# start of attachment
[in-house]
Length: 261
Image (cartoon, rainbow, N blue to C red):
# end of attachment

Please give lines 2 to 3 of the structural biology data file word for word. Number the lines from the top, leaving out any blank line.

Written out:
Length: 261
Image (cartoon, rainbow, N blue to C red):